We've reached the next phase in converting Bloomfield Road from a scenic tree-lined parkway into a boring concrete-encrusted highway.
It's a dubious moment in Cape Girardeau history, the latest chapter in a long series of projects, all in the name of "progress", that have had the effect of de-beautifying the city. Let's look at the scorecard over the last few decades:
Cape Rock Drive? Not nearly as interesting now that Snake Hill has been defanged.
Mount Auburn Road? What was once billed as a scenic drive is now a four-lane raceway.
Ten Mile Rose Garden? Gone.
Mount Tabor Park? Eliminated, all because of short-sighted fears that teenagers were having too much fun.
Wedekind Park? Removed.
Doggett Park? Never developed.
There's plenty of blame to go around. The city, county, state, special road district, and others have all worked together to transform the "City of Roses" into the "City of Commuters Desperate To Get To Work 30 Seconds Faster."
In the case of Bloomfield Road, I've long advocated building a bypass that connects with the new Highway 74 interchange. This would provide a solution to the ever-increasing traffic on that side of town, while preserving the character of Bloomfield Road. There's nothing wrong with commuters wanting to get to work 30 seconds faster, but let's be smart about it.
I suspect that the city will end up building a bypass in the next decade or two, but by then it will be too late to save the old road. Even after Bloomfield Road is widened and improved, it will likely remain as a congested choke point for the west side of town (although the completion of Nash Road will hopefully provide some relief).
At a recent public meeting on the project, representatives from the city were quick to point out that the current phase will produce a road that is 28 feet wide instead of 32 feet, the width of the previous section by Campster School. The idea is to reduce the number of trees that are wiped out.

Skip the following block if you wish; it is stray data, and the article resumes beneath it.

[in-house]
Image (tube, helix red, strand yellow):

After taking a drive along the road and seeing all of the doomed trees sprayed with Xs, it's hard to see how the change in design will make any difference. It's the kind of compromise that will fail to please either side. Those who want to keep the old road are still going to be upset, while those who want a modern highway will be upset that the road isn't modern enough.
While it's not possible to stop the current phase of construction (stretching from Stonebridge Drive west to Benton Hill Road), the next phase is still on the drawing board. This represents the most important part of Bloomfield Road, including the historic spring and the Elmwood estate.
It won't be easy, but I think the case could be made that this stretch qualifies for the National Register of Historic Places as an historic district, including the road and some of the sites along the road. The area could then be nominated as one of Missouri's Most Endangered Historic Sites.
That wouldn't be enough to legally stop further construction, but it might be enough to cause the city fathers to rethink this whole boondoggle.